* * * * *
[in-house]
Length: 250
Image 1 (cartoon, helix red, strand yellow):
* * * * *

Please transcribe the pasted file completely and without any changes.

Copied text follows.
[in-house]
Length: 250
Image 1 (cartoon, helix red, strand yellow):